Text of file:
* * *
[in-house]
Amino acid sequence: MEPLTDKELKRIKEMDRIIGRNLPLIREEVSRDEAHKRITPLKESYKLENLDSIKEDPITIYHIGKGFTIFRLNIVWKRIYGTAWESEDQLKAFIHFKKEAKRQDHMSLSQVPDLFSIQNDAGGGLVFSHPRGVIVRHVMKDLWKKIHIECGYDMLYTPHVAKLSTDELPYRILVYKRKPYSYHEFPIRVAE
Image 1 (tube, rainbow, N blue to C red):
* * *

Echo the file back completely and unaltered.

[in-house]
Amino acid sequence: MEPLTDKELKRIKEMDRIIGRNLPLIREEVSRDEAHKRITPLKESYKLENLDSIKEDPITIYHIGKGFTIFRLNIVWKRIYGTAWESEDQLKAFIHFKKEAKRQDHMSLSQVPDLFSIQNDAGGGLVFSHPRGVIVRHVMKDLWKKIHIECGYDMLYTPHVAKLSTDELPYRILVYKRKPYSYHEFPIRVAE
Image 1 (tube, rainbow, N blue to C red):